1. Troyer leased 1,493 square feet of office space at 2 Waterford Professional Center, York Township, from Waterford Associates. Bennett Williams Commercial represented both parties.

Leonhardt Metal Worx Inc. leased 6,547 square feet of industrial space at 555 Centennial Ave., Penn Township (York County), from H.B.H. Management Inc. Bennett Williams Commercial represented both parties. 

Auto Paint Revolution leased 1,800 square feet of retail space at 1820 Columbia Ave., Manor Township, from A. Kontis and E. Kontis. Bennett Williams Commercial represented both parties. 

RE Rosemont Holdings GP LP purchased 6,400 square feet of retail space at 530 N. Progress Ave., Susquehanna Township, from Progress Elmerton LP. Bennett Williams Commercial represented both parties.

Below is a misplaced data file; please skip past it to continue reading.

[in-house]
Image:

130 W. King LLC purchased 21,400 square feet of mixed-use space at 130 W. King St., East Berlin, from T.R. and M.L. Nell. Bennett Williams Commercial represented the seller. 

267 Cherry St. LLC purchased 5,100 square feet of industrial space at 267 Cherry St., Red Lion, from H.A. and C.J. Lohss. Bennett Williams Commercial represented the seller. 

Colletti Inc. purchased 1,568 square feet of retail space at 100 N. Broad St., York, from F.A. Poff. Bennett Williams Commercial represented both parties. 

Viking Mill Associates LP purchased 2,170 square feet of retail space at 152 S. Antrim Way, Greencastle, from ADC Atlantic Properties LLC. Bennett Williams Commercial represented the seller. 

Natural Lands Trust Inc. purchased 158 acres in Rapho, South Londonderry and West Cornwall townships from Murry Development Co. Bennett Williams Commercial represented both parties.